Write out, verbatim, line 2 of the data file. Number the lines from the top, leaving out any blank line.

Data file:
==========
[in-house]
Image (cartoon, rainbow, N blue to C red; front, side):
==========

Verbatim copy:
Image (cartoon, rainbow, N blue to C red; front, side):